A star shapped mirrored installation in the Soheila Sokhanvari exhibition at the Barbican.

Star (2022). Design and concept by Soheila Sokhanvari, technical design by Jflemay Architect and Design. Photo: Max Colson, courtesy of the Barbican.

For the Barbican’s Soheila Sokhanvari exhibition in 2022, the gallery helped the museum source 28 artworks from 28 different collections on top of helping fund the construction of an eye-catching new mirrored installation, Star, custom made for the show. When it traveled to ARoS Aarhus Art Museum in Denmark, the gallery took on the hassle and expense of shipping each work to London, giving the museum the more convenient option of shipping everything from one place.

The gallery is also a named sponsor of the Dulwich Picture Gallery’s current exhibition, “Soulscapes,” in which works by two of Hjellegjerde’s artists—Kimathi Mafafo and Nengi Omuku—are featured.  

“I didn’t have to give that money [to the institution],” she explained, adding that the sum she donated for exhibition costs equated to about a year of Dulwich Picture Gallery’s Patron scheme, which can range from £1,250 to £10,000 ($1,500 to $12,500) annually. “It’s being a patron like a lot of other people are a patron,” she said.

Collaboration is key

The institutional advocacy a gallery can offer is often a big draw for artists and their estates, and is one of the reasons “my artists stay with me for a long time,” Hjellegjerde said.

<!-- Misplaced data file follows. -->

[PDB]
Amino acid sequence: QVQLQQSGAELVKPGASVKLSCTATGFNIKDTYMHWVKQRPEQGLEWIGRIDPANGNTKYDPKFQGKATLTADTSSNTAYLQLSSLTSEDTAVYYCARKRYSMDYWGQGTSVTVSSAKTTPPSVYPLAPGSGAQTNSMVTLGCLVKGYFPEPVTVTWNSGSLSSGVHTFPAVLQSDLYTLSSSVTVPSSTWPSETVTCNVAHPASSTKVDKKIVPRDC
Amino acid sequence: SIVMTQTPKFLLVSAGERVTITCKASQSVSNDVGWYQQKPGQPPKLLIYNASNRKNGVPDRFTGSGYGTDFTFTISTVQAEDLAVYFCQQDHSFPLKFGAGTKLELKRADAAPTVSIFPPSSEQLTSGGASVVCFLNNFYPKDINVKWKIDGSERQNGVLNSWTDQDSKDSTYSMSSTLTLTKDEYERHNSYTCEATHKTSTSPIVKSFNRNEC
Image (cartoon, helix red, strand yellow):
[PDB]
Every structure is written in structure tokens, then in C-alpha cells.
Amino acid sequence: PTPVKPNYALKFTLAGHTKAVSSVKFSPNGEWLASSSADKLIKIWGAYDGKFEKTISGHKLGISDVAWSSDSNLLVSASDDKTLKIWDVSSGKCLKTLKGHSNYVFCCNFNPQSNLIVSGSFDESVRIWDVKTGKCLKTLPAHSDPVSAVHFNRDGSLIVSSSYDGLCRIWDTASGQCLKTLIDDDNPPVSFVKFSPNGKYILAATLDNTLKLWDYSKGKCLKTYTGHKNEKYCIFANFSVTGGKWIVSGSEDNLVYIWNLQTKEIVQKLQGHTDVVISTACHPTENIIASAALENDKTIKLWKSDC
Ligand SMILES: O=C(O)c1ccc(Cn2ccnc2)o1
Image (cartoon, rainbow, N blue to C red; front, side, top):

Hilty agrees and cited as an example the recent Leon Polk Smith retrospective at Haus Konstruktiv in Zurich, one of the late artist’s few institutional outings in Europe. The museum approached Lisson Gallery, aware it had announced representation of Smith’s estate in 2017.

some abstract paintings hanging on a white wall

Exhibition view of Leon Polk Smith “Beyond Space” at Haus Konstrukiv, Zurich , 2023. Photo courtesy of Haus Konstruktiv, © Leon Polk Smith.

“They were not 100 percent sure it would work, so we put them in touch with the foundation and started a dialogue,” said Hilty. “Smith is a highly regarded artist in America but less known in Europe. Being a global gallery with a big European presence, the fact that we chose to represent him made that connection more likely.”

“It’s that kind of network of information initially, and then communication and support that leads to good projects occurring,” he added.

Ultimately, galleries, museums, and artists are dependent on each other, according to Marks: “There are genuine collaborative opportunities to ensure work reaches a wider public and is positioned critically, in a way that a straightforward market show would be unlikely to do.”

Follow Artnet News on Facebook:

Want to stay ahead of the art world? Subscribe to our newsletter to get the breaking news, eye-opening interviews, and incisive critical takes that drive the conversation forward.